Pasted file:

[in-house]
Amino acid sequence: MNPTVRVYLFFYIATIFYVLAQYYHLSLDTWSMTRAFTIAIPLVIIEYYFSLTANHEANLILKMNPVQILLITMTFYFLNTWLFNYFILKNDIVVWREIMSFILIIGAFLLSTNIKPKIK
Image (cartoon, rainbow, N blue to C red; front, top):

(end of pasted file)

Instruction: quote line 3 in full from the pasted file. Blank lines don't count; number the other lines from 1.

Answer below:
Image (cartoon, rainbow, N blue to C red; front, top):